Google unveils AI watermarking tool as political pressure mounts

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As governments increase demands for labels on AI-generated content, Google DeepMind has released a potential solution: a watermarking tool.

Named SynthID, the system harnesses deep learning to embed digital stamps into the pixels of images. According to DeepMind, the watermarks are imperceptible to the human eye, but detectable with an algorithm.

The UK-based research lab said the watermark doesn’t compromise image quality. It also remains detectable after modifications, such as adding filters, changing colours, and cropping.

The concept resembles watermarks applied to movies and stock photos. But in this case, the objective isn’t to protect rights holders from counterfeits, but viewers from deception.

“While SynthID isn’t a silver bullet for misinformation, it’s a promising technical solution to some of today’s pressing AI safety issues,” Demis Hassabis, Google DeepMind’s co-founder and CEO, said on X.

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SynthID arrives amid growing concerns about generative AI. Around the world, governments have raised alarm about manipulated images undermining elections, distorting reality, and misleading the public.

The risks were recently exposed in a Ron DeSantis presidential campaign video. At first glance, the footage appeared to show genuine photos of Donald Trump hugging and kissing Anthony Fauci, who led the White House’s COVID-19 pandemic response. But forensic experts believe the images are deepfakes.

China has already imposed strict rules on such tech. In January, the country made it mandatory to label content produced with artificial intelligence. Similar rules are also being implemented in the EU.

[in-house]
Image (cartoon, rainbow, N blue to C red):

“We need to label anything that is AI-generated by tagging them with watermarks,” Commissioner Thierry Breton said in June.

The US is also pushing companies to identify content made with AI. After a White House meeting last month, Google and six other tech giants pledged to develop watermarking systems.

SynthID is a step towards fulfilling the commitments — but the system remains experimental. Initially, the tool will only be available to some paying customers of Google’s cloud computing business. It also only works on content produced with the Imagen art generator.

That may change in the future. According to Google, SynthID could be expanded across additional AI models. The company said it also plans to integrate the tool with other products.

Governments and regulators will be closely following the progress. With elections approaching in the US, India, and the UK, the threat posed by AI is drawing nears.


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